The campaign to replace Nicola Sturgeon as leader of the Scottish National Party – and as Scotland’s First Minister – has been engulfed in chaos which has seen two senior SNP figures resign in just 24 hours.
On Saturday SNP’s powerful executive director Peter Murrell resigned after it became clear that he had provided false membership numbers to the party’s media director in response to a journalist’s inquiry, although in a statement he claimed that “there was no intention to mislead”.
Murrell, who has been in charge of the party’s backroom operations for more than 20 years, is also married to the First Minister Nicola Sturgeon, and the way the party’s leaders have run the ongoing leadership contest has been criticized in recent weeks. There have also been some allegations of bias against one of the candidates in particular – reportedly Sturgeon’s preferred successor.
In addition, there is an active police investigation into allegations that £600,000 (€680,000) of party money was misused on Murrell’s watch.
On Friday, the SNP’s media manager did Murray Footewho was previously a newspaper editor, also resigned after passing on the fake membership numbers he had received to the journalist who asked about them.
So why are membership numbers important?
When voting opened earlier this week in the race to replace Sturgeon, the SNP executive said it would not reveal how many party members were eligible to vote. All three contenders on the ballot — Kate Forbes, Ash Regan and Humza Yousaf — complained about this and said it was normal and reasonable to be told in advance how many eligible voters there might be.
Back in February, a journalist in the Sunday Mail had claimed that 30,000 party members had recently quit, largely in protest against Scotland’s gender recognition billwhich was passed with overwhelming cross-party support in the Scottish Parliament at the end of 2022, but is still considered controversial by some members of the public.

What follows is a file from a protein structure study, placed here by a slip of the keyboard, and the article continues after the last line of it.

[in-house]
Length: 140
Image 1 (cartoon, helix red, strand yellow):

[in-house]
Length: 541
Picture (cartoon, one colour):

At that time Murray had Foote written on Twitter that the journalist’s reporting was “plain wrong”, “drivel” and “tartan bollocks”; while an SNP spokesman was quoted as saying another newspaper and said the Sunday Mail’s story was “damaging and completely wrong.”
Now, with the SNP forced by pressure from challengers in its own leadership race to reveal the true membership figures, the Sunday Mail’s story proved correct: causing both media boss Foote and Sturgeon’s husband Peter Murrell to fall on their swords.
Foote said he had “acted in good faith” in issuing “agreed party responses” to media inquiries about the SNP’s membership numbers, but there were “serious problems” with what he told the journalist.
What has been the reaction?
Scotland’s opposition parties are predictably having a field day with the turmoil in the ruling party, particularly during a leadership campaign that has shone a spotlight on political divisions within the SNP, and as challengers have traded sharp barbs during televised debates.
The leader of Scottish Labour, Anas Sarwarreleased a statement on Saturday saying “while the SNP is in turmoil, we are relentlessly focused on delivering the change Scotland needs.”
“The SNP are in chaos and distracted by their own priorities. Frankly, Scotland deserves better than this,” wrote Sarwar, who is an MSP from Glasgow.
Meanwhile, the leader of the Scottish Conservatives, Douglas Rosssaid Murrell’s resignation “is just the latest development in this SNP civil war.”
“But while the nationalists tear themselves apart, Scotland’s real priorities continue to be forgotten,” the Highland MP said.
Meanwhile, the candidates to become Scotland’s next leader have had their say. Kate Forbes tweeted that only she can restore confidence in party governance; Ash Regan said that “eight years ago the point at which it was unacceptable to have the party leader’s husband as CEO”; and while Humza Yousaf had yet to respond to Murrell’s resignation, on Friday night wrote “the reform of our HQ operations has been a key part of my campaign.”